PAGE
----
Cannes 2023 Review: INSIDE THE YELLOW COCOON SHELL, Extraordinary Debut Feature

First-time Vietnamese filmmaker Pham Thien An unspooled his stunning feature in the Director's Fortnight section at the Cannes Film Festival.

Contributing Writer; New Jersey, USA (@fuzzyyarns)
Cannes 2023 Review: INSIDE THE YELLOW COCOON SHELL, Extraordinary Debut Feature
For the longest time, we took it for granted that the canonical “greatest film ever made” Orson Welles’ Citizen Kane, was also, stunningly, a debit feature.
It is remarkable that a new cinematic voice, in the first instance, came to us so fully formed and so well developed. Citizen Kane is not just a debut feature but a magnum opus.
There are a few other such films in history: François Truffaut’s The 400 Blows, Satyajit Ray’s Pather Panchali, Jean-Luc Godard’s Breathless, and so forth. Inside the Yellow Cocoon Shell, from first-time Vietnamese filmmaker Pham Thien An, is going to be added to such a list; it's a film so accomplished that it beggars belief this is a debut feature.
Inside the Yellow Cocoon Shell essentially invents another genre of the bildungsroman – or a coming-of-age story as we are used to seeing unfold onscreen. Through consequential events, we typically see the emotional maturation of a protagonist, moral, artistic, romantic, or even sexual. In Pham’s tale, we see the spiritual maturation of a young man Thien (Le Phong Vu) as he travels after many years from the city to the countryside, ostensibly to facilitate a family funeral. This odyssey initiates a confrontation with not just his buried memories, but with questions of faith and belief.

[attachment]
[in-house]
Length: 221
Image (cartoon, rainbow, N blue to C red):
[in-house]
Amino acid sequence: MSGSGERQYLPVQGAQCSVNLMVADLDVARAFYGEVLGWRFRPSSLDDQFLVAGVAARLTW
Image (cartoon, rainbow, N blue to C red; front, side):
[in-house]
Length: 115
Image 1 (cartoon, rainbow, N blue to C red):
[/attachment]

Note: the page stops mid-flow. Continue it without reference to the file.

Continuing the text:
Directorially, Pham impresses us from the very first moments, staging an over five-minute unbroken shot to open his film. We begin on young men playing football at night at a local park. We then pan to a bustling open-air restaurant, where Thien is having dinner with his friends while having a conversation about spirituality.
The mis-en-scene is already striking in its confidence. Thien and his friends are perfectly centered, and all around them there are packed in dozens of other patrons eating, waiters hustling about, vendors selling their wares, and children playing; hundreds of extras are moving about naturalistically, all hitting their beats.
Thien’s conversation is readily audible over the loud din and chatter of a crowded city square. Suddenly there is rain and the crowd reacts very credibly, moving as one to find cover. We also suddenly hear a loud, crashing sound as an accident occurs off-screen. We pan to the bloody aftermath of a motorcycle collision as dozens of motorists zoom by. All of this in a single shot -– pay a thought to the coordination of hundreds of extras, vehicles, and the rain machine required to achieve this shot –- and this is just the opening shot.